If you haven’t already, you can listen to the podcast that was recorded during this draft here, which was hosted by former ESPN producer Pod Vader. Come to think of it, he not only hosted the league, he was a special host for the actual podcast. Two birds! One stone! You know how the saying goes… and if you don’t, no worries! Just blame Obama! Anyhow, with this expert draft in the books, it’s time to write about said draft in the self-deprecating manner that captivates all of my first dates (and not so coincidentally, last dates) to no end. So first, let’s introduce the players: ESPN’s former Producer Pod Vader, Fantasy Insiders‘ Joel Henard, SportsGalPal‘s Ramona Rice, Her Fantasy Football’s Brandon Marianne LeeMatt Chatham from Football by FootballWally Spurlin from Fantasy Football Sharks, D-Rex (yes, that’s his name, no, he’s not a dinosaur, unfortunately) from PyromaniacDaily Fantasy Sports Rankings‘ Doug Norrie, Pro Football Weekly‘s John Sahly, and Jay from Razzball (hey, that’s me!) And now? My team!

Note: This is your standard, run-of-mill 10-team leagues…

Slot Player, Team, Pos
QB Philip Rivers, SD QB
RB David Johnson, Ari RB
RB Arian Foster, Mia RB
WR Amari Cooper, Oak WR
WR Randall Cobb, GB WR
TE Antonio Gates, SD TE
FLEX Eric Decker, NYJ WR P
D/ST Chargers D/ST
K Justin Tucker, Bal K

So, at first glance, I would say, in the least bias-way possible, that mine is not a weak team per say, but it’s not exactly a strong one either. There are certainly different reasons for this; mainly because I strive for balance, try to mitigate risk with stability (ala Decker paired with Jackson), and focus on value over production in certain areas… but the biggest factor that set the “tone” of my draft can be found on my bench…

Slot Player, Team, Pos
Bench Le’Veon Bell+, Pit RB
Bench Carlos Hyde, SF RB
Bench Dion Lewis+, NE RB O
Bench Vincent Jackson, TB WR
Bench LeGarrette Blount, NE RB
Bench Sammie Coates, Pit WR
Bench James Starks, GB RB

I’m sure a lot of you have been following the Le’Veon Bell situation ad nauseam. (If so, Bell has a few suggestions on how to ease that nauseam… har har.) We’ll get to where I drafted these players and when, but it’s no mistake that drafting Bell had a ripple effect over my entire team, and I think there are positives and negatives here that I’ll go over a little. But first and foremost, I did have a “Bell” strategy prepared, but wasn’t expecting to implement it in this particular draft. But when my second pick came up, and being so close to a turn, I said to myself: Meh, “Expert Leagues” are a different kind of animal. If you think your leagues are competitive because everyone knows everything about anything, try a league where people want to do well because it might determine how much food their children get to eat. (Jokes on you! I have no kids! I think!) So you try to look for any edge you can, or, in this case, an angle to play the game with. Le’Veon Bell was my angle…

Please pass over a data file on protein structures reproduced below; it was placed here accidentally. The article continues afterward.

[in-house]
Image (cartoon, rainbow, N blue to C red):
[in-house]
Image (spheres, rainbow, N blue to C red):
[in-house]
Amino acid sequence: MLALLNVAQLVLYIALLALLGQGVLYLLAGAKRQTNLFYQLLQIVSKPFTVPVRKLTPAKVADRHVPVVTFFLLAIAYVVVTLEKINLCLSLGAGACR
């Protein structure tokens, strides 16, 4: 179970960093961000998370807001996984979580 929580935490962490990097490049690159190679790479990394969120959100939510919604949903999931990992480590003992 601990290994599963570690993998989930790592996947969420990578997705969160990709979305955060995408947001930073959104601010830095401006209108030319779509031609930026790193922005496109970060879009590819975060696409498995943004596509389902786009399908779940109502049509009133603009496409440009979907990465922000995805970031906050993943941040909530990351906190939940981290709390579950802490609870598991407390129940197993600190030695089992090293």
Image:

Here’s how my entire draft shaped up… (the complete draft results for all teams can be found here.)

Pick Player
9 David Johnson, Ari RB
12 Le’Veon Bell+, Pit RB
29 Amari Cooper, Oak WR
32 Randall Cobb, GB WR
49 Carlos Hyde, SF RB
52 Eric Decker, NYJ WR
69 Arian Foster, Mia RB
72 Dion Lewis+, NE RB
89 Antonio Gates, SD TE
92 Philip Rivers, SD QB
109 Vincent Jackson, TB WR
112 LeGarrette Blount, NE RB
129 Sammie Coates, Pit WR
132 James Starks, GB RB
149 Justin Tucker, Bal K
152 Chargers D/ST D/ST

First, just a few notes. Most importantly, I always draft the Chargers defense last, because I find it very therapeutic to drop them with such disdain when the Chargers let me down in real life. Try it out sometime, works wonders. Less importantly (depending on your level of Chargers’ fandom), this draft took place before Dion Lewis was hit with another 8-10 weeks of injury-ness (not a word). I don’t necessarily regret that pick, especially since I have LeGarrette Blount, and drafted him in an okay enough spot, but Lewis was available at a point in the draft where players like Torrey Smith and Frank Gore were selected, so taking the risk here wasn’t really that big of a deal to me, even without the PPR element. And Blount steps right into the same role of “meh, he’s a depth piece” on my bench that Lewis would have had.